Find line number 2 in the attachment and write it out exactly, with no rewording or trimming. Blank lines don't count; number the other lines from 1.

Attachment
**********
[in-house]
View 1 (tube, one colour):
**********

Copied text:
View 1 (tube, one colour):